Baseball and Elvis – Why Fans Matter For The Collecting Hobby 

Statistics show that interest in baseball skews towards an older audience. 

In and of itself, that’s not a bad thing, and all sports go through ebbs and flows depending on rulesets and current stars. 

However, there is some cause for concern within the baseball card market, especially when coupled with a decline in TV audiences, as well as fewer fans attending games on average. 

Here are our thoughts about the current state of baseball, as well as what it means for the hobby. 

Baseball – An Audience In Decline?

In 2019, for the first time in 15 years, total baseball game attendance dropped below 70 million, while 17 teams experienced a decline in 2018.

This trend has continued despite people being stuck indoors for long periods in 2020. Maury Brown reports for Forbes; 

“Compared to 2019, the last full 162 game season, the 29 regional sports networks measured by Nielsen saw a drop of -12%.”

We’ve mentioned that the average age of baseball fans is skewed towards older audiences. Is there a chance that fans could dry up completely in the long run?

Everything from longer games, high concession prices, and poor marketing strategies have been cited as possible explanations for why baseball is less popular as of 2021. 

Then there’s the pandemic, and questions as to whether it has changed the landscape for fans as money tends to be tighter. (A lack of fans at games could also be an explanation for lower TV audiences.)

Whatever the case, it hasn’t translated to a lull in baseball card prices as of yet. We still think that it’s worth keeping an eye on, for reasons we’ll get into below.  

Elvis Memorabilia 

What does Elvis have to do with anything?

Well, Elvis memorabilia has been plummeting in value for years. In 2018, the Guardian reported

“The singer’s You’ll Never Walk Alone LP was worth £400 in the 2012 Rare Record Guide, but is valued at £150 in the 2018 edition. These are indicative of a general trend. “If you try to sell any Elvis record that could easily have sold for £15-£20 each in the 1980s today, you can hardly give them away,” says Red, who runs an online Elvis vinyl store.”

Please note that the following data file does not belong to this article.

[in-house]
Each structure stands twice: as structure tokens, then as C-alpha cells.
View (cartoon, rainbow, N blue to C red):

It’s a trend which has continued in the present day. Take the Official Elvis Fan Club in the UK. Numbers have declined drastically, to the point where the owner is unable to sell as it didn’t reach his estimate

“The bidding reached only £32,000 — nowhere near the estimate of £50,000 to £100,000.”

As for the fan club itself; 

“At its peak, soon after Elvis’s death in 1977, the club had 36,000 members. Now, there are just 3,000.”

The point is, if your audience skews towards the elderly, there’s a chance that they could all pass away before you sell. 

Elvis has been long dead, and it’s foolish to compare a musician to a sport. However, it’s a good example of how collectibles can fall in value quickly if supply begins to exceed demand. 

Baseball and Elvis – Why Fans Matter For The Collecting Hobby 

It’s a simple concept. Without enough fans, baseball cards will fail to be a viable hobby in the long term. This will lead to prices rapidly falling, and a potential bubble burst. 

After all, there’s nothing more important than the fans themselves, especially when trying to ensure that a sport stays relevant with future generations. 

It’s true that there’s no real point in comparing Elvis and baseball as they’re so different, but other sports like wrestling and boxing have faded into obscurity following a decline in mainstream appeal. 

You’ll have to gauge whether or not baseball can make a resurgence in the next decade, as it’ll probably have an impact on the amount of potential card collectors too. 

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